As legacy data transport technologies like frame relay, ATM and private lines decline, enterprises are increasingly deploying hybrid wide-area networks (WANs) that include both MPLS IP VPN and Carrier
In a recent research report, "The State of WAN Services Adoption in North America 2009," Forrester Research principal analyst Phil Sayer noted that enterprises are migrating to Ethernet services and MPLS IP VPNs simultaneously. About 67% of enterprises are migrating to MPLS, and between 45% and 88% are moving to Ethernet-based services.
While enterprises are actively deploying Layer 3 MPLS IP VPNs, they are selectively replacing some of those MPLS connections with Layer 2 Carrier Ethernet services, according to Sayer. Most commonly, they are deploying Ethernet services for data center interconnections and connections between data centers and corporate headquarters while keeping MPLS connections in place for branch offices.
"One of the prime reasons [for deploying Ethernet services] is cost," Sayer said. "For high-performance networks, they almost always work out to be cheaper than MPLS IP VPNs. And the other reason is that a lot of firms have been used to configuring their … IP routing themselves. If they have had legacy networks like ATM or frame relay and owned and configured their own routers on top of that, they can still do that on Ethernet networks. They have control over security. They have more control over their own destiny."
Control over WAN routing, a key feature of Carrier Ethernet services, remains an important consideration for enterprises that are migrating from frame relay and ATM networks, said Jim Poore, vice president of transport product management for Global Crossing. Few enterprises want to manage routing across hundreds or thousands of branch offices, however.
"When you get to very large distributed networks that are branch office oriented, with 300 or 400 branch offices out there, the ability for IT management to deal with that just isn't viable," Poore said. "That's where Layer 3 VPNs really play a strong position."
Carrier Ethernet has a place, but not throughout the entire WAN
For now, few enterprises want to deploy Ethernet services throughout their WAN. Only 3% of U.S. enterprises have such plans, according to Forrester's survey data. Sayer said large enterprises with thousands of branch offices that have requirements for T1-level speeds will be content to stick with MPLS IP VPN connections at those branches. Upgrading to Carrier? Ethernet services in those branches will offer no economic benefit. As bandwidth demands increase and enterprises look to expand their use of technologies like telepresence video conferencing out to smaller branch offices, however, they will gradually replace MPLS connections with Ethernet connections.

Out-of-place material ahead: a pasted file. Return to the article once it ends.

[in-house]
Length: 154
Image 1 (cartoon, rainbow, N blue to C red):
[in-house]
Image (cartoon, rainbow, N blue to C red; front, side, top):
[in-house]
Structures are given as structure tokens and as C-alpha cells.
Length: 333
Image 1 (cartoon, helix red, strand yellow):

"There really is a home for both solutions out there," Poore said. "Application-wise, we see a lot of customers in the enterprise space leveraging Ethernet between data centers and key hub points for video content delivery, disaster recovery and storage, with the ability to manage routing as they see fit."
In some cases, enterprises have held onto legacy network architectures likes ATM and frame relay at key hub points and between data centers in order to meet the security and WAN routing requirements that MPLS IP VPN technology just can't provide them. Carrier Ethernet services have matured, and migration of legacy networks is becoming more realistic for them.
"In my discussions with customers, there are still a number of enterprises that have deployed Layer 3 VPN networks that are working well for them [in branches]," Poore said. "But they still have legacy private line, frame relay, ATM and some other older architectures in their networks that they just haven't transitioned from, as a result of Layer 3 VPN not satisfying the specific requirements for those types of applications or traffic."
Jeff Schwartz, manager of global Ethernet products for Verizon, said some enterprises have connections between data centers with very specific routing protocols in use that are not mainstream. These enterprises need their IT staff to have hands-on control of the routing in these environments, which requires the Layer 2 connections in Ethernet services, but that same enterprise may have hundreds of retail locations that need only point-of-sales processing run over a WAN link. In those cases, a Layer 3 MPLS IP VPN connection will suit them just fine, and the enterprise is comfortable with letting the service provider manage the routing.
Sayer said that enterprises that do adopt hybrid WAN networks should try to get both WAN services from the same carrier if possible. First of all, this allows enterprises the flexibility of switching locations from one type of connection to another without dealing with cancellation fees. Also, it makes the WAN much more manageable, with the entire network on a single contract, on the same bill and with everything visible through the same service portal.
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